Source: Glen Shapiro¸ LawAndTax-News.com¸ New York¸ 11th November 2011
The United States Patent and Trademark Office (USPTO) and China’s State Intellectual Property Office (SIPO) have signed a joint statement of intent to launch two new Patent Prosecution Highway (PPH) pilot programmes on December 1¸ 2011.
It was said that the patent work-sharing initiatives represent a major achievement in the growing bilateral cooperation between the two patent offices. The pilot programmes will apply to qualifying patent applications filed under both the Paris Convention (Paris Route) and the Patent Cooperation Treaty (PCT).
“This PPH agreement marks a shining success of the outstanding cooperation by both offices to build on synergies to improve the global patent system¸” said Under Secretary of Commerce for Intellectual Property and Director of the USPTO¸ David Kappos. “The agreement comes at a very opportune time as China and the United States together make up a significant global market share for patent stakeholders.”
“PPH will promote high quality patents and expedite processing of patent applications in both offices by avoiding duplicative work and will provide greater costs savings to patent applicants¸” he added. “It will help spur greater innovation and generate greater economic growth and job creation in both countries.”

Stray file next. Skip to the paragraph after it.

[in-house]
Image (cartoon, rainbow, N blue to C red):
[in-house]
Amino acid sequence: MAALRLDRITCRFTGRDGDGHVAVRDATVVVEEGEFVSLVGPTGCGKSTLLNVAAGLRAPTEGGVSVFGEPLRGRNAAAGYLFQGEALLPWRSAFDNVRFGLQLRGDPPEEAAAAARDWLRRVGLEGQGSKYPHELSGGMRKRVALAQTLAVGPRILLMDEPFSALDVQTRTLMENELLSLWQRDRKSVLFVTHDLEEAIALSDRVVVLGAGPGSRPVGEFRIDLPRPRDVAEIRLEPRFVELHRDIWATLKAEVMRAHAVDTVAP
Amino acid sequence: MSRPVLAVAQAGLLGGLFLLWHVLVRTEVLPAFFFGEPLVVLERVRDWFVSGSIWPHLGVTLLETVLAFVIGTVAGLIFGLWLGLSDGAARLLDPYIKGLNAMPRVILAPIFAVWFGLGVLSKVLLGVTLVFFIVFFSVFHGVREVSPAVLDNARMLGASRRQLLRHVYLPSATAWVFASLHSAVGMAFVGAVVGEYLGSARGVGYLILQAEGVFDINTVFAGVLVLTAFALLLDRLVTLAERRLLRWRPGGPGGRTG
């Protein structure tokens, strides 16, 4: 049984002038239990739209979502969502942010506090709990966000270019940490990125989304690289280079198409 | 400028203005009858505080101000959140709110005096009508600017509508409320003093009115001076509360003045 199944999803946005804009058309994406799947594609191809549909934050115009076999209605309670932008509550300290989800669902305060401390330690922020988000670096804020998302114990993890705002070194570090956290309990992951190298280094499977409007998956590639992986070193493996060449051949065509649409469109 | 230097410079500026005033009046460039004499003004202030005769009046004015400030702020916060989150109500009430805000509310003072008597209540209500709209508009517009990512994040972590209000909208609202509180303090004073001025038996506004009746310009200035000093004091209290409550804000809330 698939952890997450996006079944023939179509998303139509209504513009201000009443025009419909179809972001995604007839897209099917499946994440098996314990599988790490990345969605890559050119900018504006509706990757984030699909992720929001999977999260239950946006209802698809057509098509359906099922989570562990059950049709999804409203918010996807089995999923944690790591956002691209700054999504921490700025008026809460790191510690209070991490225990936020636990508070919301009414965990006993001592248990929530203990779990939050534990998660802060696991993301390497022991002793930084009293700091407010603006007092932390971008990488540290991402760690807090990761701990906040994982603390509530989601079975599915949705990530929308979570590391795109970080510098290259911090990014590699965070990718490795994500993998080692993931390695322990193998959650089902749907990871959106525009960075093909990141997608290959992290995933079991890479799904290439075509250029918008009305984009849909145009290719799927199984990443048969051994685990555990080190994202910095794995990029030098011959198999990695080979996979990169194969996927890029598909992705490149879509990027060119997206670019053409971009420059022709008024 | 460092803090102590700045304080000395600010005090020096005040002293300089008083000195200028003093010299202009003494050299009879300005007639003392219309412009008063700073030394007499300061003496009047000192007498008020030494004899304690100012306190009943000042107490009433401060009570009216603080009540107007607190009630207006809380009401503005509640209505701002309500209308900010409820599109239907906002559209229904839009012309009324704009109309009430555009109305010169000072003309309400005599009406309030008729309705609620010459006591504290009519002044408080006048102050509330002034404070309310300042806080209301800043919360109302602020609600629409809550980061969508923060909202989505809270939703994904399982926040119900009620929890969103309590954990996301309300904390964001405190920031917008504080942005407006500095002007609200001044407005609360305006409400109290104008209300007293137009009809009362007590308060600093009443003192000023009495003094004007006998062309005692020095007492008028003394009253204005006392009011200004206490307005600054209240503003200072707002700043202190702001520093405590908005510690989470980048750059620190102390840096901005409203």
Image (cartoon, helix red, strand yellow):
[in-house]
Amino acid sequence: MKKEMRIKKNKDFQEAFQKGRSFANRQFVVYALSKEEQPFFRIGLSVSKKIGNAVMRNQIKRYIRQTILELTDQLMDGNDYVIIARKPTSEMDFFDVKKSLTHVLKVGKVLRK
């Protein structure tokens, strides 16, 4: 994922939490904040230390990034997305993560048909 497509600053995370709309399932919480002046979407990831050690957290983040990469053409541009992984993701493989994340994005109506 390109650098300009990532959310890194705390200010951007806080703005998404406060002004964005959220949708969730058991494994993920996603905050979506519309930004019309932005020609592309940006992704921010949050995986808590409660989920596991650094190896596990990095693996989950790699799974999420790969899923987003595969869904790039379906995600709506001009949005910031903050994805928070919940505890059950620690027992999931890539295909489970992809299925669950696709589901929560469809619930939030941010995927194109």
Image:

PPH programmes permit each office to benefit from work previously done by the other office¸ which reduces the examination workload and improves patent quality. The expedited examination in each office allows applicants to obtain corresponding patents faster and more efficiently in each country.
Under the Paris Route PPH pilot programme¸ an Office of Second Filing (OSF) may utilize the search and examination results of a national application filed in the Office of First Filing in a corresponding application filed under the Paris Convention in the OSF. The PCT-PPH pilot program will use positive international written opinions and international preliminary examination reports developed within the framework of the Patent Cooperation Treaty.
The one-year pilot programmes will end on November 30¸ 2012. Both offices may extend the one year trial period upon mutual agreement. The purpose of this trial program is to gauge the interest of applicants and to evaluate the programs for patent quality¸ efficiency and the reduction of the workload at the USPTO as well as SIPO.
Picture source: thecasualtruth.com